Strife-torn Europe

Economic, Refugee and Trust Crisis. The European Union currently faces up to many conflicts.


 

In 2007 the US property bubble bursted and the worldwide crisis took its course. When the investment bank Lehman Brothers collapsed in 2008, the financial crisis reached its first peak. But the problems were not over yet: The member states had to spend many billion euros to save their banks from bankruptcy which by and by led into the dept and euro crisis. Especially Greece struggled with missing trust of the financial markets from which Germany meanwhile benefited strongly.

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Current IWH Publications

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Complexity and Bank Risk During the Financial Crisis

Thomas Krause Talina Sondershaus Lena Tonzer

in: Economics Letters , 2017

Abstract

We construct a novel dataset to measure banks’ complexity and relate it to banks’ riskiness. The sample covers stock listed Euro area banks from 2007 to 2014. Bank stability is significantly affected by complexity, whereas the direction of the effect differs across complexity measures.

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EFN Report Winter 2016/17: Economic Outlook for the Euro Area in 2017 and 2018

European Forecasting Network

in: European Forecasting Network Report , No. 4, 2016

Abstract

Global economic activity has revived since autumn, and equity markets have rallied at the end of the year. Apparently, some of the measures proposed during the US election campaign by the president elect, such as financial market deregulation, economic stimulus, tax cuts and infrastructure are expected to support the economy in the US and beyond. However, this stimulus bears considerable risks already for the near future: other economies could face considerable problems due to a further appreciation of the dollar, rising financing costs and the withdrawal of capital towards the US. In the euro area, as monetary policy continues its expansive course, financing costs will stay very low in 2017, and fiscal policy will be mildly expansive, although a bit less so than in 2016. Confidence of firms and private households has strengthened in recent months, as has the mood on financial markets. We expect that the recovery will continue at about the pace of 2016. GDP will, according to our forecast, increase by 1.6% in 2017 and by 1.7% in 2018. However, the crisis in the Italian banking sector has intensified. It might also trigger another crisis of confidence in European institutional arrangements: according to the Bank Recovery and Resolution Directive, banks may only be saved with public money if owners and creditors of these banks have contributed to the rescue. At present it seems doubtful whether it would be politically feasible to respect this rule. Regarding inflation, our forecast for 2017 is 1.2%. Although energy prices have risen significantly, price pressures are still low.

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The European Refugee Crisis and the Natural Rate of Output

Katja Heinisch Klaus Wohlrabe

in: IWH Discussion Papers , No. 30, 2016

Abstract

The European Commission follows a harmonized approach for calculating structural (potential) output for EU member states that takes into account labor as an important ingredient. This paper shows how the recent huge migrants inflow to Europe affects trend output. Due to the fact that the immigrants immediately increase the working population but effectively do not enter the labor market, we illustrate that the potential output is potentially upward biased without any corrections. Taking Germany as an example, we find that the average medium-term potential growth rate is lower if the migration flow is modeled adequately compared to results based on the unadjusted European Commission procedure.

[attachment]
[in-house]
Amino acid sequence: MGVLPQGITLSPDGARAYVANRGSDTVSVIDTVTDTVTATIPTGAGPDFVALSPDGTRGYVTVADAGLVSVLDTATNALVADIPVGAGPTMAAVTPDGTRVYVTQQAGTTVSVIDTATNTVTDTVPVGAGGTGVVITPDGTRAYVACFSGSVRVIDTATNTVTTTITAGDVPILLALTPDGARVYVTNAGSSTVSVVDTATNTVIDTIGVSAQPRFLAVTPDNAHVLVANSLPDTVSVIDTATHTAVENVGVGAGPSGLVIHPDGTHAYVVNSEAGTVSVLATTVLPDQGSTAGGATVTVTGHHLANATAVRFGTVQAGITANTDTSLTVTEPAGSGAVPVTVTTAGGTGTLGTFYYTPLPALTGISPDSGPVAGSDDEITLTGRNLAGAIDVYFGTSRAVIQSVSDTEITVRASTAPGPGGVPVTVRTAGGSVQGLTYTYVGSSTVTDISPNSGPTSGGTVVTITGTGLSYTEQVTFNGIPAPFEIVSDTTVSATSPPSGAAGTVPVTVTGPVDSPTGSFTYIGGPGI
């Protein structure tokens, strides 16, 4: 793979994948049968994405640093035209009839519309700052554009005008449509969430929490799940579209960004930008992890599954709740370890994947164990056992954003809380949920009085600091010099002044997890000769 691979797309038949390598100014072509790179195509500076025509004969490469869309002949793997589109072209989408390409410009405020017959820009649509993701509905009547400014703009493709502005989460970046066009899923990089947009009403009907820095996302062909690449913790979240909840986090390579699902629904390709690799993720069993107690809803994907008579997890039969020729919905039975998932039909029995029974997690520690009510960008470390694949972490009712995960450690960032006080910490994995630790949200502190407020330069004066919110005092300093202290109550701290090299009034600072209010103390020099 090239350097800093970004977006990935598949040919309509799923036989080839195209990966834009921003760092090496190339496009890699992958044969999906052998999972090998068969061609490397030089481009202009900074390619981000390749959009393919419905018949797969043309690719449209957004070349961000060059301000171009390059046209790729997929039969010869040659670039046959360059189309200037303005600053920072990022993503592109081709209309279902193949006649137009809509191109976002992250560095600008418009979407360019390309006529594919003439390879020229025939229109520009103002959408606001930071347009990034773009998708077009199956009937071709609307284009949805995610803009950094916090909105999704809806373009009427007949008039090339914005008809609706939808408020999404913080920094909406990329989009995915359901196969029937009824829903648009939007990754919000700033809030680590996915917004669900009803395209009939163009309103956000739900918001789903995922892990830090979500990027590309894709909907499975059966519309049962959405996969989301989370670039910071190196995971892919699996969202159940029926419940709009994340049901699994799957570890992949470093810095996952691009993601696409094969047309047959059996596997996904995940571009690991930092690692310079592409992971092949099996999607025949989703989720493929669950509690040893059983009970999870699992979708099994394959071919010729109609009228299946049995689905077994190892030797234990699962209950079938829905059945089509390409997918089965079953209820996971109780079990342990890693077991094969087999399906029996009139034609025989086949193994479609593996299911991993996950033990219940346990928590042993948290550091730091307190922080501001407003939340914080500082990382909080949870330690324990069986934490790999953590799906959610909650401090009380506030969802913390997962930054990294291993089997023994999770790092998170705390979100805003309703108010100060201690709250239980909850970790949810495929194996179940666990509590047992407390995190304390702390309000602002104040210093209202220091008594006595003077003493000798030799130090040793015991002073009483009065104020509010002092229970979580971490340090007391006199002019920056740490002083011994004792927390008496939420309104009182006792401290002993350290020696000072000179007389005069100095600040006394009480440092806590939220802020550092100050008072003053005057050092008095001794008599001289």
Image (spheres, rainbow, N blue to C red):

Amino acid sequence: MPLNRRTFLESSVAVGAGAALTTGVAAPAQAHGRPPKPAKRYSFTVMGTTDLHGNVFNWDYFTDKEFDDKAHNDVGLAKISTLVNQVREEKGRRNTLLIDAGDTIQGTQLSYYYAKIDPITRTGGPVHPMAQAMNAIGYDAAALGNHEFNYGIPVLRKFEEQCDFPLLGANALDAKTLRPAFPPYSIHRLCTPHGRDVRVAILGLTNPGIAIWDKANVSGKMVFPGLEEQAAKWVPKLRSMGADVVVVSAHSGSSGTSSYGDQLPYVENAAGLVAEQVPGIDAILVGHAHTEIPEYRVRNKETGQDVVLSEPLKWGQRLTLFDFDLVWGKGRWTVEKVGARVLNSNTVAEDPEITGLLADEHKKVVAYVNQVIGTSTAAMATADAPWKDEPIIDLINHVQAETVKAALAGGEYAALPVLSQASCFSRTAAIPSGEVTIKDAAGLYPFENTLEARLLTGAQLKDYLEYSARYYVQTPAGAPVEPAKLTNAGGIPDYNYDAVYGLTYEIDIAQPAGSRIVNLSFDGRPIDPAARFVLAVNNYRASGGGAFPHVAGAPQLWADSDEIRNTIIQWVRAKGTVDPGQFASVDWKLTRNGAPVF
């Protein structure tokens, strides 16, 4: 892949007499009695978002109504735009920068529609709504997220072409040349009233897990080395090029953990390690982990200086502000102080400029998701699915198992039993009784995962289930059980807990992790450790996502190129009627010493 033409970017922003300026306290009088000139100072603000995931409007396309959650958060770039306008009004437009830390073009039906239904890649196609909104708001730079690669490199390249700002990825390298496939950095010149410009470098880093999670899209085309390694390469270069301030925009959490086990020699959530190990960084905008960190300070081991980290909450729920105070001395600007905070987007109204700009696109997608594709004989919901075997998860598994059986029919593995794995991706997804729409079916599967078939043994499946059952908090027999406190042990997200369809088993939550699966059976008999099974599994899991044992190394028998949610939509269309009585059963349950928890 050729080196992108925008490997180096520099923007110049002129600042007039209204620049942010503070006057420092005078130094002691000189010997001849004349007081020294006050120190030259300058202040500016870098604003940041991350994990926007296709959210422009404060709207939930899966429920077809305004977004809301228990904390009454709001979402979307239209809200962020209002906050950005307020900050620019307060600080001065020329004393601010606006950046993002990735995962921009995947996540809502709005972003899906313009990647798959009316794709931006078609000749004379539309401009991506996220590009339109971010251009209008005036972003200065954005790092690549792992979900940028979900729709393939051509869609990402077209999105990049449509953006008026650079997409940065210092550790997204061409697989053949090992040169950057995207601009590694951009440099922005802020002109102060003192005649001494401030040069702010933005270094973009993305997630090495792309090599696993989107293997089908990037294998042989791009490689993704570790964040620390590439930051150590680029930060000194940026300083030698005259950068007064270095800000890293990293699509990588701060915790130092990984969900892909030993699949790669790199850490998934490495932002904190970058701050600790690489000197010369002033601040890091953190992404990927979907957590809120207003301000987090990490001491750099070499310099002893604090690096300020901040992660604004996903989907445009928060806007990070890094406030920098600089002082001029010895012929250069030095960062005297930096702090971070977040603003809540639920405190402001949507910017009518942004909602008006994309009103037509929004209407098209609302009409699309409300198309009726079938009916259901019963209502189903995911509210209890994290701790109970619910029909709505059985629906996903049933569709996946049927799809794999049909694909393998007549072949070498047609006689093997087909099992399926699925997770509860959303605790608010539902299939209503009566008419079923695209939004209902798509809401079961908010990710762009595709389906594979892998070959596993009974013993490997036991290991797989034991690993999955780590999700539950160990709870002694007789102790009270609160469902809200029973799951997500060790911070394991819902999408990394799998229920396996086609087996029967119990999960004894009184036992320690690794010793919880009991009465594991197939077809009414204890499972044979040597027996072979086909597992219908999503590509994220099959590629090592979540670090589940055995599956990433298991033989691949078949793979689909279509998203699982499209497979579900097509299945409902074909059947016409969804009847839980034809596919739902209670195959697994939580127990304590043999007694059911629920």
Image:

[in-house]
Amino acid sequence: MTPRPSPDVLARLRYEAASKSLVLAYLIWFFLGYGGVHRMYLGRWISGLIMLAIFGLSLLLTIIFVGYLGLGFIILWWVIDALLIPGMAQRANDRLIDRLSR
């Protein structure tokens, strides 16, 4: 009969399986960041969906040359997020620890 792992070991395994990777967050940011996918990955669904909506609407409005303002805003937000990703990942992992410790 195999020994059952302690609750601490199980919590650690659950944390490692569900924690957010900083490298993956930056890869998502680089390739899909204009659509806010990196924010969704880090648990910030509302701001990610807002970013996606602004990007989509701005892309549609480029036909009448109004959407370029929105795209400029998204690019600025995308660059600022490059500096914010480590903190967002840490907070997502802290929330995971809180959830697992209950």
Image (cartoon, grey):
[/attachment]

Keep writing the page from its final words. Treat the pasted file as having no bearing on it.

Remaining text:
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EFN Report Autumn 2016: Economic Outlook for the Euro Area in 2017 and 2017

European Forecasting Network

in: European Forecasting Network , No. 3, 2016

Abstract

During the first half of 2016, investment activity of private firms was weak in most advanced economies and labour producitivity was even decreasing, as was world trade in goods. Consumption of private households, however, kept the world economy afloat. Within this global context, the modest recovery of the euro area economy continues, with important tailwinds from labour markets. Employment ist expanding everywhre, even in those countries, such as France and Italy, where unemployment rates have still not come down significantly. Since monetary and fisical policies will not become more expansive in 2017, the stimulus from cheap oil is fading, and exports to the UK will be dragged down by the fallout of the Brexit votem there is reason to expect the euro area recovery to lose some momentum. GDP will, according to our forecast, increase by 1,6% in this year and by 1,5% in 2017, about as much as potential output in the euro area. Our inflation forecast for 2016 is 0,2%. For 2017, we expect inflation to increase up to 1,2%, as during next year the favourable effects of decreasing energy prices will fade off.

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Kommentar: Großbritanniens Nein zur EU wird für beide Seiten teuer

Reint E. Gropp

in: Wirtschaft im Wandel , No. 3, 2016

Abstract

Die Briten haben sich überraschend klar gegen einen Verbleib ihres Landes in der Europäischen Union entschieden. Das Ausscheiden Großbritanniens aus der EU hat nicht nur politisch, sondern auch ökonomisch tiefgreifende Konsequenzen für das Land selbst, aber auch für das übrige Europa. Entscheidend ist jetzt die Reaktion der verbleibenden Länder auf das Votum, insbesondere die Frankreichs und Deutschlands.

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